In a spurious attempt to validate its guidance the document inserted a reference to a 2011 article in the Journal of Human Reproductive Sciences (2011) which turned out to have been subsequently retracted by the Journal’s Editor on grounds of plagiarism. The document is now unfindable. The rector of UNAM (Universidad Nacional Autónoma de México) who is a member of the Public Health Council, said he had heard nothing of the guidance.
In a highly significant development, UNAM itself withdrew medical trainee interns from hospitals where they were exposed to infection because of the shortage of protective equipment, a decision described as ‘appropriate’ by Hugo López-Gatell, Under-Secretary of Health Protection and Promotion at the Health ministry and leading COVID-19 official. Now, at the end of the month, they have received sufficient assurances to send the students back again.
Chaos is come
On 20 April the Financial Times and Mexican newspapers reported that the governor of the state of Baja California, himself a member of the president’s Morena party, said official figures seriously underestimated cases and deaths in his state where the situation in some hospitals in the border city of Tijuana ‘appeared critical’ – a video appeared apparently showing ‘body bags crammed into a storeroom’ and the governor spoke of doctors ‘dropping like flies’. Central American migrants are held there in crowded prison-like conditions, and others, who are sent back from the United States, are often in poor health, evidently creating a dangerously infectious environment.
Isolated incidents of violence against medical personnel have been reported in El Universal: the IMSS has in some cases called in military or security personnel to protect hospitals and as of 4 April 38 medical equipment storage units were under military protection. The military have been heavily involved in government projects throughout this administration, such as the Santa Lucía airport, and the president has now activated a plan known as DN-III drawn up by the Ministry of Defense in 1966 to prepare for natural disasters, and it is possible that the military will build ten new hospitals.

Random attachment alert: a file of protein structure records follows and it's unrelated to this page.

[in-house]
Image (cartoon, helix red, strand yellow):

The daily early morning presidential press conferences – irreverently dubbed mañaneras – churn out official propaganda.
As in the US and Brazil scientific advisors are in a difficult position –to challenge the behaviour of personalist politicians too openly in the midst of this kind of health crisis, could have uncontrollable and even tragic consequences. López-Gatell, as chief epidemiologist, provides a daily afternoon update, and seems to have decided that it is better to pay deference to the president even at the price of making occasional concessions, in order to keep respectable epidemiology in official communication.
When the virus first reached the country and the president refused to give up his mass meetings and physical contact with his supporters, López Gatell said he was not a vector of the virus but rather a vector of morality. The difficult situation of technocrats, medical staff and researchers in the face of the government’s urge to flatten the curve and move on is further highlighted by the announcement that schools will reopen across the country on 1 June, which experts regard as too early and risky given that the country only entered Phase 3, the acutest phase of the epidemic, on 21 April.
Readers will not have failed to notice that in Mexico, like Brazil and the US, but unlke Chile, Argentina or Colombia for example, the response of governments has been intertwined with ideological and personalistic politics, and with the shifting relations between federal, state and local governments. This will give food for thought for many years to come as the size of the harm becomes clearer.